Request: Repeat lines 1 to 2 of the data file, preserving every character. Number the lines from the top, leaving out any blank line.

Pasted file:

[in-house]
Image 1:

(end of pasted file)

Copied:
[in-house]
Image 1: